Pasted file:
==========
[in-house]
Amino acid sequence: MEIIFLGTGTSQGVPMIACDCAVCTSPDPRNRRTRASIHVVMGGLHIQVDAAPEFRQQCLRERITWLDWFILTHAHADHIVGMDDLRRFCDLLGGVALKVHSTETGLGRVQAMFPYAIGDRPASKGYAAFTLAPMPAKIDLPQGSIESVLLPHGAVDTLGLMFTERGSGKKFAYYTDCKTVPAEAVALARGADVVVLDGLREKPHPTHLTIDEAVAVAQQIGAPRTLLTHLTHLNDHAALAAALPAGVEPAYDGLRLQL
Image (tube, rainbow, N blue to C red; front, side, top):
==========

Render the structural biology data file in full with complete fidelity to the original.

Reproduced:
[in-house]
Amino acid sequence: MEIIFLGTGTSQGVPMIACDCAVCTSPDPRNRRTRASIHVVMGGLHIQVDAAPEFRQQCLRERITWLDWFILTHAHADHIVGMDDLRRFCDLLGGVALKVHSTETGLGRVQAMFPYAIGDRPASKGYAAFTLAPMPAKIDLPQGSIESVLLPHGAVDTLGLMFTERGSGKKFAYYTDCKTVPAEAVALARGADVVVLDGLREKPHPTHLTIDEAVAVAQQIGAPRTLLTHLTHLNDHAALAAALPAGVEPAYDGLRLQL
Image (tube, rainbow, N blue to C red; front, side, top):